Philadelphia investor in SugarHouse criticizes planned expansion as 'cheapening'

Posted: August 18, 2012

WILMINGTON - A local investor in the SugarHouse Casino on Thursday criticized a proposed expansion of the site as "cheapening" the image of Philadelphia's first gaming hall.

"We want a first-class casino, not something cheesy," said Robert Potamkin, a Philadelphia auto dealership magnate, during testimony in Chancery Court. "And we want some control over it."

In a 12th-floor courtroom, the very private investors behind the SugarHouse Casino are locked in a very public battle over the future of the riverfront casino on Delaware Avenue in Fishtown and Northern Liberties.

It's Philadelphia vs. Chicago, with local backers of the casino arguing that the planned expansion should require a "supermajority" vote that effectively gives them veto power.

Though Potamkin was the only local investor to testify, he was joined in the courtroom by powerhouse Philadelphia lawyer Richard A. Sprague and former state Supreme Court Justice William Lamb of Chester County.

The Philadelphia side had its say for more than five hours. Chicago investor and billionaire developer Neil Bluhm is expected to testify Friday.

Bluhm and associate Greg Carlin control two-thirds of the casino through various partnerships and act as general partners. They have invested about $80 million of their own equity in the project.

In April 2011, Bluhm unveiled a plan to expand SugarHouse - the second revision since the group was awarded a license in 2006.

The original $742 million blueprint for SugarHouse was scaled back substantially in 2009, a move supported by all investors and endorsed by the Pennsylvania Gaming Control Board.

The investors spent $395 million to build the first phase, which opened in September 2010.

But that 2009 plan was altered last year by Bluhm, who presented a modified version with fewer slot machines and restaurants, and a lower parking garage with fewer indoor spaces.

Local investors, led by Potamkin and Sprague, objected and sued in Chancery Court in a bid to change the plan through a supermajority vote.

"We were building less - much less - than what we had promised the Gaming Control Board," Potamkin said.

Instead of increasing the number of slots to 3,000, the expansion would bring the total to only 2,000; instead of 3,000 spots in an indoor garage, there would be only 1,500, he testified.

Potamkin said SugarHouse's general manager, Wendy Hamilton, also questioned the scope of the expansion. "She said we're crazy for not building bigger," he said.

"We got a license based on building big," Potamkin said. "We made it a little smaller and now Mr. Bluhm wants to make it even smaller and cheapen it."

John Hickey, general counsel for the partnership representing local investors, RPRS Gaming L.P., said, "Size does matter because it affects the return on our investment."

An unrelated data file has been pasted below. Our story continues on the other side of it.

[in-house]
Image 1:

The daylong testimony provided rare behind-the-scenes details on how the SugarHouse deal came together in 2005.

Soon after Pennsylvania legalized gambling in 2004, Bluhm called then-Gov. Ed Rendell expressing interest in applying for a license.

Potamkin testified that Rendell directed Bluhm to reach out to Sprague, who was putting together a local group to make a bid for one of two licenses reserved for Philadelphia.

Potamkin said Sprague wanted the casino to be "his legacy."

"He views this as what people will remember him by," Potamkin said. "And Richard Sprague didn't want to be associated with a low-end casino."

Potamkin described Bluhm's efforts to win over local investors, who also include Blue Bell developer Peter DePaul; former construction company owner Daniel Keating III; and business-services entrepreneur Jerry Johnson.

Bluhm took them on a tour of the Four Seasons Hotel in Philadelphia that he built, and also showed them a casino he was developing at Niagara Falls.

They signed a partnership agreement on Dec. 28, 2005. The next year, they submitted an application that was so voluminous it weighed 500 pounds and required two vans to deliver it to the gaming board in Harrisburg.

The deal between the Chicago and Philadelphia investors included a key provision: If the development cost of the project was 15 percent more or less than originally planned, a supermajority provision would kick in that gave the locals veto power on major decisions.

That number is at the center of the legal dispute.

The local investors believe the proposed expansion would fall outside that band, requiring the supermajority vote.

The Chicago side argues that the overall development price tag dropped sharply after the collapse of financial markets in 2008, requiring a less-ambitious development that everyone knew about and endorsed.

Contact Jennifer Lin at 215-854-5659,, or follow on Twitter @j_linq.

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